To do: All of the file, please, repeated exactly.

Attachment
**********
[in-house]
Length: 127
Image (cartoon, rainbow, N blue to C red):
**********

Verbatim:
[in-house]
Length: 127
Image (cartoon, rainbow, N blue to C red):